Charlene: Pay equity and access to leadership positions – a real seat at the table. A lot of progress has been made, but we still have a way to go. I see and experience small wins but until women get fair representation in all institutions all at levels we are going to continue to struggle for meaningful fair representation.
SKETCH: How has art transformed your life?
Charlene: Art in its many forms inspires us all. Whether it be cooking, painting, sculpting, crafting, sewing, drawing etc., art not only allows for self-reflection and healing but also builds community. It gives us an alternative form to express our ideas, fears, hopes and desires and sparks conversation. It can make friends out of strangers instantly. I am inspired by those who create change through art and harness their creativity to do big things, even hard things! It’s a common language but also one that is so diverse that you are always learning and growing with exposure and experience.
SKETCH: How important is it for women to lift each other up and what does that mean to you?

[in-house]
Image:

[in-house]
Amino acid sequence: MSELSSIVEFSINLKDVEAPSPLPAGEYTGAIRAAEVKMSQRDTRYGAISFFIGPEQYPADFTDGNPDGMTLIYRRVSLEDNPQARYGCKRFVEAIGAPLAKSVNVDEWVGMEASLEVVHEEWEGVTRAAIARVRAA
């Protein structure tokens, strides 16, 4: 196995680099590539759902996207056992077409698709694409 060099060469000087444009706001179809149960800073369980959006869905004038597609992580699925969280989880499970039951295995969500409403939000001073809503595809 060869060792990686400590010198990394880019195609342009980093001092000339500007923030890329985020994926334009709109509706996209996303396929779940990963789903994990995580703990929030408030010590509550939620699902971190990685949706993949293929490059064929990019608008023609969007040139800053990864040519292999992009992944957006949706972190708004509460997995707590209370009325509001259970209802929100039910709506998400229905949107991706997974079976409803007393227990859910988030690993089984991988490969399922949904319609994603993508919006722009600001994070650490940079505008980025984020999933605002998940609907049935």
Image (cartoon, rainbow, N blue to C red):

Charlene: Everyone has a responsibility to support and encourage others to be their best selves. I strive every day to support all the women in my life in whatever they choose to do – we are not competitors but allies and when we treat each other as such, we can accomplish so much!
SKETCH: As the first President and Chair of SKETCH’s Board of Directors, what does the future of SKETCH look like to you?
Charlene: The future is so bright! We have so much to learn from young people – they truly are the changemakers and future-makers. I believe that the world will be a better place because of them. Providing a stable home for the youth of today and tomorrow will ensure SKETCH continues to grow and thrive. I am excited to see what SKETCH and the youth of SKETCH accomplish over the coming years!